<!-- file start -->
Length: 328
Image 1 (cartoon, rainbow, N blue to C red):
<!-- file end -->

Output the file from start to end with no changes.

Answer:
Length: 328
Image 1 (cartoon, rainbow, N blue to C red):